On July 7, U.S. Sen. Maria Cantwell applauded committee passage of a comprehensive trade package, including free trade agreements with South Korea, Panama, and Colombia, as well as an extension of Trade Adjustment Assistance (TAA) through 2013.
TAA ensures that workers who lose their jobs and financial security as a result of trade-related shifts in production have an opportunity to transition to new jobs and retrain to enter emerging sectors of the economy.
According to the International Trade Commission, these trade agreements will create 250,000 U.S. jobs and increase U.S. exports by $13 billion.
“Washington state is a very trade-dependent state, and this agreement means a lot for Washington agriculture,” Cantwell said at today’s hearing. “South Korea has 45 percent tariffs on apples and pears and a 25 percent tariff on cherries, as well as tariffs on wine and potatoes. But despite this, we had $11 million worth of cherries going to Korea in 2010. So having these tariffs reduced could mean huge increases in Washington agriculture products. …These trade agreements are about opening up markets to products that we are already seeing high tariffs on and getting our products accepted into other markets.”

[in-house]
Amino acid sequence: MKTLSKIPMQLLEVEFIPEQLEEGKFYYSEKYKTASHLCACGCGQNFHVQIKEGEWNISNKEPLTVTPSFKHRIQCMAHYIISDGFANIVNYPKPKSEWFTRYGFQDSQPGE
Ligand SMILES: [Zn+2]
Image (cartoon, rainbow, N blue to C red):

With South Korea representing Washington’s fifth largest export market, Washington state agriculture will see significant benefits under the United States-Korea FTA. The reduction in tariffs would reduce the price of cherries by 75 cents a pound in South Korea and could increase Washington wine sales by 45 percent. Beef is the state’s fifth largest commodity, and the market for American beef in South Korea has the potential to reach $1 billion. ♦